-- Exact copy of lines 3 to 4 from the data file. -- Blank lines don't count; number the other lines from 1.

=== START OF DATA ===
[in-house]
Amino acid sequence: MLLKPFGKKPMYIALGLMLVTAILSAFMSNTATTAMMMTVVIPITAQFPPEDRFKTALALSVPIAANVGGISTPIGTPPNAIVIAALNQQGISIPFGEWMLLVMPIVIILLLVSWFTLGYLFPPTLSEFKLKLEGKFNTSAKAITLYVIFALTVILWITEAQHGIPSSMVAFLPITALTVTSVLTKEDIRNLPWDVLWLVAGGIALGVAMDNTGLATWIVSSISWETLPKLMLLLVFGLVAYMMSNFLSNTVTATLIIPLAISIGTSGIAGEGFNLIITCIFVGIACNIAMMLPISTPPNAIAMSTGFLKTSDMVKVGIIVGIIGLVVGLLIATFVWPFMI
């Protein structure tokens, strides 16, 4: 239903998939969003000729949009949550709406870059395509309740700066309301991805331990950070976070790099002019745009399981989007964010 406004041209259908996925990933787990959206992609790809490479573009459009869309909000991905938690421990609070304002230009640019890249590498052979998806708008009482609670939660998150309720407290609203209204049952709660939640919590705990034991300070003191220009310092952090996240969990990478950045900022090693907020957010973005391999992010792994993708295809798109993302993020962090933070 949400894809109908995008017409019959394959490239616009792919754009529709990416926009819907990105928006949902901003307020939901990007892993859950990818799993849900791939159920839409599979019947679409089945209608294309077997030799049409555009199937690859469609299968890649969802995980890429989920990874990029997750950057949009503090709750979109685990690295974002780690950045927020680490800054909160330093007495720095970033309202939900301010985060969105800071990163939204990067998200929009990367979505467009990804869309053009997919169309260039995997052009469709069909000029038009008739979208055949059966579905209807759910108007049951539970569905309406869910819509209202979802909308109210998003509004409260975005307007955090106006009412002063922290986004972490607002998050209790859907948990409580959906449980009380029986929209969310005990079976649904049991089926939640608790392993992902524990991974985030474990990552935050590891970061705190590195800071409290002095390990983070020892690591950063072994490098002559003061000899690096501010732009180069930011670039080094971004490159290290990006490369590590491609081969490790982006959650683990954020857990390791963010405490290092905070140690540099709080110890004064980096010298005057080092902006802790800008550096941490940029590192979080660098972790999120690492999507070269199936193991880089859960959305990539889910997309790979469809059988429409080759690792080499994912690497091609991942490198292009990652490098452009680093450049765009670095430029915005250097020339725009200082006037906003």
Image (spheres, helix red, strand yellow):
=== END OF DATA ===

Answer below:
């Protein structure tokens, strides 16, 4: 239903998939969003000729949009949550709406870059395509309740700066309301991805331990950070976070790099002019745009399981989007964010 406004041209259908996925990933787990959206992609790809490479573009459009869309909000991905938690421990609070304002230009640019890249590498052979998806708008009482609670939660998150309720407290609203209204049952709660939640919590705990034991300070003191220009310092952090996240969990990478950045900022090693907020957010973005391999992010792994993708295809798109993302993020962090933070 949400894809109908995008017409019959394959490239616009792919754009529709990416926009819907990105928006949902901003307020939901990007892993859950990818799993849900791939159920839409599979019947679409089945209608294309077997030799049409555009199937690859469609299968890649969802995980890429989920990874990029997750950057949009503090709750979109685990690295974002780690950045927020680490800054909160330093007495720095970033309202939900301010985060969105800071990163939204990067998200929009990367979505467009990804869309053009997919169309260039995997052009469709069909000029038009008739979208055949059966579905209807759910108007049951539970569905309406869910819509209202979802909308109210998003509004409260975005307007955090106006009412002063922290986004972490607002998050209790859907948990409580959906449980009380029986929209969310005990079976649904049991089926939640608790392993992902524990991974985030474990990552935050590891970061705190590195800071409290002095390990983070020892690591950063072994490098002559003061000899690096501010732009180069930011670039080094971004490159290290990006490369590590491609081969490790982006959650683990954020857990390791963010405490290092905070140690540099709080110890004064980096010298005057080092902006802790800008550096941490940029590192979080660098972790999120690492999507070269199936193991880089859960959305990539889910997309790979469809059988429409080759690792080499994912690497091609991942490198292009990652490098452009680093450049765009670095430029915005250097020339725009200082006037906003």
Image (spheres, helix red, strand yellow):